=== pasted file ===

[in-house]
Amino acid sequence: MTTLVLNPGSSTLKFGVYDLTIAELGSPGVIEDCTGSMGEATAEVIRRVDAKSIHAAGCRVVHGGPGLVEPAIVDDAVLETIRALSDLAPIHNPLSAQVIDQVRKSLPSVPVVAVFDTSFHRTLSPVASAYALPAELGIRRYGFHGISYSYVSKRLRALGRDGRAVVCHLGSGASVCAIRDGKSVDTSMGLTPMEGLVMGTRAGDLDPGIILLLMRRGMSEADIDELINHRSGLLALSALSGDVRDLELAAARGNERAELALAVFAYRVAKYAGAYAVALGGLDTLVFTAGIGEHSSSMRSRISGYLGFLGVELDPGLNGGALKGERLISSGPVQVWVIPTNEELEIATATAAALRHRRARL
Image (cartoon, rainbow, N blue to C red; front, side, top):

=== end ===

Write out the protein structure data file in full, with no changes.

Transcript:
[in-house]
Amino acid sequence: MTTLVLNPGSSTLKFGVYDLTIAELGSPGVIEDCTGSMGEATAEVIRRVDAKSIHAAGCRVVHGGPGLVEPAIVDDAVLETIRALSDLAPIHNPLSAQVIDQVRKSLPSVPVVAVFDTSFHRTLSPVASAYALPAELGIRRYGFHGISYSYVSKRLRALGRDGRAVVCHLGSGASVCAIRDGKSVDTSMGLTPMEGLVMGTRAGDLDPGIILLLMRRGMSEADIDELINHRSGLLALSALSGDVRDLELAAARGNERAELALAVFAYRVAKYAGAYAVALGGLDTLVFTAGIGEHSSSMRSRISGYLGFLGVELDPGLNGGALKGERLISSGPVQVWVIPTNEELEIATATAAALRHRRARL
Image (cartoon, rainbow, N blue to C red; front, side, top):